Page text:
Mack Beggs: Transgender Boy Wins Second Straight Girls’ State Wrestling Title, Met With Boos From Crowd

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Mack Beggs won his second straight high school wrestling state title this weekend, which for any other teen would have been a significant accomplishment.

But for the transgender teen, it was also a source of controversy as his title win in the girls’ division was met with a chorus of boos from the crowd and allegations that his testosterone treatments give him an unfair advantage over the other wrestlers.

As the Charlotte Observer noted, Beggs is a senior at Euless Trinity High School outside of Dallas and is in the process of transitioning from female to male. Part of that treatment includes taking steroids, which family members said is needed to help with the transition and not a performance enhancer.

Though Beggs had expressed a desire to compete against other boys, the Texas public high school rules require that an athlete competes based on the gender listed on their birth certificate. That kept Beggs in the girls’ 110-pound division, where he has yet to be beaten. Beggs went 56-0 in his junior year and went undefeated again this season en route to another title this weekend.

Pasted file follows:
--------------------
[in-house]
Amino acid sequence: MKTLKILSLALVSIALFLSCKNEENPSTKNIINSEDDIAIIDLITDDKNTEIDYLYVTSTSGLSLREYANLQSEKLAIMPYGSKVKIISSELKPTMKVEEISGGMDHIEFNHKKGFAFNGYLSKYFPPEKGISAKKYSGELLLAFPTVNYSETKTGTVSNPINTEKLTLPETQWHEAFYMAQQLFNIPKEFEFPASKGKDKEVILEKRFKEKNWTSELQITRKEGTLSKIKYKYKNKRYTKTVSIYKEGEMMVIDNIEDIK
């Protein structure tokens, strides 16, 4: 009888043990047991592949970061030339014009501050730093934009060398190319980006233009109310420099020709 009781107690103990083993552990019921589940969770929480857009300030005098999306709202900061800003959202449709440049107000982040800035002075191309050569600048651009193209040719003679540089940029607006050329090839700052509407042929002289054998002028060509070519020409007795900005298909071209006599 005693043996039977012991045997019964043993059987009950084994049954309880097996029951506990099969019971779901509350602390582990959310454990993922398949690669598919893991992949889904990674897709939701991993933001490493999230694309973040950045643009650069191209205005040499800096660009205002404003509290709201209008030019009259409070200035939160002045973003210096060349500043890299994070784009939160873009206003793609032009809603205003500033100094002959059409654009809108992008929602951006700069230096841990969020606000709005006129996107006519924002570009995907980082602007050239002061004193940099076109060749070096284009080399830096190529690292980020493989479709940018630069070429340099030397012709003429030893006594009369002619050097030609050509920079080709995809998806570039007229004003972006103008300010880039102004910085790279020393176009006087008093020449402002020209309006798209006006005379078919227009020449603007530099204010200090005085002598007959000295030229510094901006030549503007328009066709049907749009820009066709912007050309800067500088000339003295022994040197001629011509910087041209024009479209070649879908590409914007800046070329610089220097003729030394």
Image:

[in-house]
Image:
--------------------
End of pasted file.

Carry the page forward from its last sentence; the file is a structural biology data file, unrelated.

Some of his competitors have simply backed out. In the regional tournament leading up to the state tournament, two opponents chose to forfeit rather than risking injury against Beggs, the Charlotte Observer reported.

The win was met with plenty of controversy. The crowd booed Beggs when he won in a dramatic finish, narrowly avoiding a pin in the final seconds to preserve a win. Many had claimed that Beggs had an unfair advantage because of his steroid use, and the Texas state legislature even tried to pass a bill last year that would have prevented him from competing, the Charlotte Observer noted.

But while Mack Beggs has earned plenty of critics, there are also a number of people celebrating the big win for the transgender teen. Others have stood behind the teen and noted the difficulty of the situation he had been placed in due to state rules.

The Advocate, a magazine reporting on LGBTQ issues, noted that Mack Beggs faced a “Catch-22” situation where he was barred from competing against boys, as he wished to do, and instead was relegated to compete in the girls’ division where his presence was sure to cause controversy. But the report noted that Beggs is looking forward to college next year, where he will be able to compete against men.